Look at the mathematical precision of the future seeds. The exquisite whorls exhibit Fibonacci numbers causing the spiral pattern. These are Fractal patterns, the same as seen in fern leaves.

 Attracted early to the massive flower heads, we've watched butterflies and bees enjoy the early nectar there. I innocently planted two packages of seeds and two months later dinner is served. We stand beneath stalked miracles.

 Really, how high are they? I am 6'2" ... or I was before I began shrinking. Surely the giants already tower over me by two feet, maybe more. Notice that none of the "giants" have begun to bloom.

 As I watered the garden this evening, I enjoyed the shade these plants already afford. This fall the birds will take their treats here and Tom and I will enjoy the show. We planted these for their beauty. Their food is given back to nature as repayment.

The only risk is their height. Already four have been felled by a sudden storm. They break with a gust of wind. Or, after a day's rain, when the ground is soft, their surface roots cannot carry the weight and they are toppled by the wind. But that risk is not enough to stop planting them.

What better fun can come from a two dollar pack of seeds than sunflowers? Those small seeds contain such power. It is enough to stand back and watch this slow golden explosion. It's a wonder we're not knocked over by their beauty.

Sunday, July 8, 2018

Red, White & Blue Ash

 July 4th found Tom and I at Summit Park in Blue Ash. It was a free event: two concerts ... John Waite and Pat Benatar ... followed by fireworks. We got there just after 4 pm (the scheduled gate opening time), walked some distance from where we had to park and found a spot at the edge of a structure that offered some protection from the sun (the high was 91°).

 Even early in the afternoon, attendees had staked a spot on the ground with folding chairs and blankets. In 2017, it was estimated that 100,000 attended this event.

 John Waite performed at 6 pm. Best known for "Missing You", the song was a number one hit in 1984.

 In another claim to fame, Waite was a part of Ringo Starr & His All-Star Band in 2003.

 The lead guitar player (l) played with Matchbox 20. I'm not quite sure who he was introduced as. Perhaps Kyle Cook.

 A short video taken during the performance of "Missing You". My essential tremor is causing the video to shake. Sorry. For the Benatar video, I took a Gabapentin and seem to have calmed a bit.

  An "Observation Tower", completed last year, looms 125 feet over the park. A glass elevator takes spectators to the top. It appears that during this event it was open only to security personnel. The structure changed color once it got dark (red, white and blue); it was made dark during the fireworks.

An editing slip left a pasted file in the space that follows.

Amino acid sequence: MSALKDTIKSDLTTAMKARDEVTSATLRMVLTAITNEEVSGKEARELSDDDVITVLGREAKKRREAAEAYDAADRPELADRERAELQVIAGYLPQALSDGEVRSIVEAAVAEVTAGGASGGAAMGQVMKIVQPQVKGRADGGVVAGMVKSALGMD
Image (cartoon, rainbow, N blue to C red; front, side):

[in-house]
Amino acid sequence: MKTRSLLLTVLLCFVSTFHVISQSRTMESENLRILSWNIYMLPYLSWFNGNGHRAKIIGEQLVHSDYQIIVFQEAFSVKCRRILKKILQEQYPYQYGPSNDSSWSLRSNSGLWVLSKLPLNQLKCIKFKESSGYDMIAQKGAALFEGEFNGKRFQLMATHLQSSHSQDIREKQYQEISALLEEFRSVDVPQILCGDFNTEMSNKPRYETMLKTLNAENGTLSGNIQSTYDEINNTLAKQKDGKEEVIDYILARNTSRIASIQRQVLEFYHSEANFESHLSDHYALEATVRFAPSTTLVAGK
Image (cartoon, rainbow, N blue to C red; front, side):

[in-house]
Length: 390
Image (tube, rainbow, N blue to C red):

Looking away from the stage, most every spot on the lawn was occupied.

 Two video screens (one on the left here) showed ads. It would have been nice if it had shown close-up's of the performers.

 At 8 pm Pat Benatar (65) took the stage. On the left is her husband, Neil "Spyder" Giraldo (62). Both are consummate professionals.

 A number of audience members sang along and danced with the performers.

 Benatar sang all of her top songs: Love is a  Battlefield, We Belong, Hit Me with Your Best Shot and Heartbreaker. The set lasted about an hour and a half.

 Here's a video of Benatar singing "Let's Stay Together" ...

 Tom was on his feet for the entire Benatar concert, She's a favorite of his. When we visited the Rock & Roll Hall of Fame in Cleveland, we voted for her induction.

 Another audience member gets into the act ...

 Opposite us and far in the distance, the concerts were filmed. I wish they had placed the feed on the two large monitors.

 As Benatar's performance ended, the sun was setting and the air was cooling a bit. There was even an occasional light breeze.

 In the foreground is the structure was sat on. It had a concrete base, much nice than the ground. And a plywood board covered part of the the roof offering constant shade. I, of course, staked a spot on the north side but close enough to the corner to see the stage.

 At 10 pm Arthur Rozzi Pyrotechnics provided a spectacular fireworks show.

 The fireworks lasted until about 10:30 pm. We then walked back to Tom's car, probably half a mile east, amid thongs of others who blocked traffic. Once we found Tom's car, we sat in it until well after midnight until enough of the cars had cleared out that we were able to fairly easily exit.

 We didn't get home until about 1 am and didn't get to bed until 2 am. Since I'm usually in bed by 9 pm, that was one late night for me. I know we were both asleep as soon as our heads hit the pillows.

 It was a wonderful free evening of entertainment. More information on events at this venue can be found here.